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Date: 15 December 2015 12:09
The US Department of Transportation has launched a "streamlined and user-friendly" online registration process for aerial drones.
New regulations announced in October require all drone owners to register. In the view of the Federal Aviation Administration, drones or "unmanned aircraft systems" (UAS) qualify as aircraft, even if operated by hobbyists, and will be regulated as such.
The registration website has been launched and includes frequently asked questions about the process. Actual online registrations won't begin until next Monday, December 21. For anyone registering in the first month, the $5 aircraft registration fee will be refunded. A DC-10 and two smaller planes failed to drop flame retardant over threatened area. Registration is legally required by February 19, 2016. The rule applies retroactively, so even someone who operated an unmanned aircraft prior to December 21 must register by the deadline.
Anyone purchasing a drone after December 21 must register before the first outdoor flight. "Make no mistake: unmanned aircraft enthusiast are aviators, and with that title comes a great deal of responsibility," said US Transportation Secretary Anthony Foxx in a press release explaining the process.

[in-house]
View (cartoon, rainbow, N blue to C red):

"Registration gives us an opportunity to work with these users to operate their unmanned aircraft safely. I’m excited to welcome these new aviators into the culture of safety and responsibility that defines American innovation." For now, the online system will only deal with hobbyist drone registration. Use of drones for business purposes may have more exacting regulations, and the FAA says it's working on "enhancements" to allow business-use drones to be registered online by spring 2016. The online application only applies to drones that weigh 55 pounds or less.
Bigger aircraft must use the existing paper registration process. Calls for widespread registration increased as several drones got uncomfortably close to passenger aircraft at airports, and drones got in the way of some firefighting. Hundreds of thousands of drones are expected to be sold this holiday season.